1960, April, 12th: Looking Around at Wilford’s Old Buildings

Wilford, April 12th 1960:

On talking to George Garment the Strelley estate woodsman, we discussed where he was born and where he walked every morning. He describes Wilford as “a little village that seemed to just sit on the border of the city; on the river flood plain”. Here many poets used to come and write their poetry and verse. The Ferry Inn used to be a coffee house and before that a Farmstead. It sits facing the river near to where the ferry crossing was before the construction of the bridge. 

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The Old Cottages- Photo Credit: The Paul Nix Collection.

This village in its delightful settings sits on the bank of the River Trent. It  is about 1.5 miles to the south of Nottingham by the ferry route and about 3 miles by road.  At one time quite a few of the dwellings that belonged to some of the opulent families of Nottingham that had their trades in the center of the town.

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The Poets House- Photo Credit: The Paul Nix Collection.

The name Wilford possibly derives from Willas’s Ford, as there was both a ford and a ferry close by. The church tower is low, but the nave and the two side aisles are very spacious, the chancel has a altarpiece of a handsome proportion. The living is a rectory, valued in the King’s books at £18 7s 6d, and received at the enclosure, in 1766, an allotment of 227 acres in lieu of tithes.

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Farmstead- Photo Credit: The Paul Nix Collection.

Sir J. G. J. Clifton, Bart was lord of the manor and owner.  There was also Mr Henry Smith Esq, of Wilford House, the seat of Henry Smith Esq. They owned a large handsome brick mansion, with extensive pleasure grounds tastefully laid out.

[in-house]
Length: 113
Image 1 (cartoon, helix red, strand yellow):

The Free School was built in 1736. The village regularly suffered from flooding until experts from Holland built the “B” bank at the rivers edge. It is said by some that the name “B” bank was gained from the many bees that could be seen on the wild flowers that grew on the top of the bank.

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The Village Green- Photo Credit: The Paul Nix Collection.

Many people from Nottingham, in the summer months, would come to Wilford village, as a day out. Wilford had four tea rooms/gardens, where visitors could obtain pots of tea and light snacks. Some visitors would bring a ‘vacuum flask’ which the tea rooms would fill with boiling water. Many of the visitors would walk through Wilford to Clifton grove and the village. The more energetic walkers would continue on to Barton-in-Fabis (Barton in the Beans) where a ferry across the Trent to Beeston would return home.

 

Article originally published by Peter Woodward of My Broxtowe Hundred Journal Website. 

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About nottinghamhiddenhistoryteam

Originally formed in 1965 to try to save or at least record before destruction the cave sites continually discovered during the major redevelopment of the City that took place in Nottingham in the 1960′s. Almost every day new sites were unearthed and destroyed before anyone was notified; last thing they wanted was someone telling them to stop what they were doing; TIME is MONEY. The word HIDDEN in the Team’s title is because a lot of what was being invisibly lost in the redevelopment was our early history in the caves, they are under most, if now all, of Nottingham. In the 80’s and 90’s the Team conducted with the help of Dr Robert Morrell and Syd Henley, research and work on Nottingham’s history, folklore and local archaeology. The Team published quarterly magazines on their findings. The Team lapsed for a few years after the death of Paul Nix who was the team leader for thirty plus years. The Team has reformed and is now back working on Nottingham local history. On this blog you will find a series of history, folklore and archaeological related articles and information. Most of the material published will be specifically related to Nottingham/shire local history.
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